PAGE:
The government's own official and well-spun inflation figure is hitting 4.4%, craftily masking the true rise. Things must be really getting bad for the economy.
The UK's annual rate of inflation rose to 4.4% in July, up from 3.8% in June, as measured by the government's consumer price index (CPI).
The CPI is a neat little device used to set inflation at whatever the government wants it to be - usually around 3%.
It works by taking anything that's a huge inflation buster out of the equation - and then, a cunning weighting is dropped in to make those final tweaks and adjustments.
CPI inflation figures are kept artificially low by the government, because they fix public-sector pay rises, regardless of the obvious huge hike in food and fuel bills.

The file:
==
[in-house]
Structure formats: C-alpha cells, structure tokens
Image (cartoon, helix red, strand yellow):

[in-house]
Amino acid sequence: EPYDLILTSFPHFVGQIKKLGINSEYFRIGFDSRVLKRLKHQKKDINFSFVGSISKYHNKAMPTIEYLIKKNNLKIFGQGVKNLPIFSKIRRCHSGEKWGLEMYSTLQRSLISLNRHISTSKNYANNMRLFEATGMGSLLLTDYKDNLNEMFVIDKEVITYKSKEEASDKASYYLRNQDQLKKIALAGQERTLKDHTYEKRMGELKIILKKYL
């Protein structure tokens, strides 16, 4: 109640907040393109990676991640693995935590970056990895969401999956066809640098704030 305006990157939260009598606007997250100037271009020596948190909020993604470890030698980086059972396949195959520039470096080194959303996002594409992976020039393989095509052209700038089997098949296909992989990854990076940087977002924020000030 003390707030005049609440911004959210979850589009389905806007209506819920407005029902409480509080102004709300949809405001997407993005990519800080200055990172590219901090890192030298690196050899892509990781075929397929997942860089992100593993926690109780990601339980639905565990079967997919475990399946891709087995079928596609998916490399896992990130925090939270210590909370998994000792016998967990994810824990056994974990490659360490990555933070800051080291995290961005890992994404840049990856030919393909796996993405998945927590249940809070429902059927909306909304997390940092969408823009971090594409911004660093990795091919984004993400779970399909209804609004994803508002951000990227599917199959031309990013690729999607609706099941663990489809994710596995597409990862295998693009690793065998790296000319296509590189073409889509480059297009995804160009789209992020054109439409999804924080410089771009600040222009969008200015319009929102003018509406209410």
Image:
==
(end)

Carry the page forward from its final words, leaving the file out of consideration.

Inflation used to be measured by the retail price index (RPI) - but New Labour ditched that in 2003.
The CPI may be a less effective measure of price rises than the old RPI, but it's much easier to manipulate. A point made repeatedly by the Conservatives.
The jump in inflation from 3.8% to 4.4% was the biggest monthly change in the annual CPI rate since records began in 1997.
More holiday reading for beleaguered Brown and his doomed chancellor, Alistair Darling.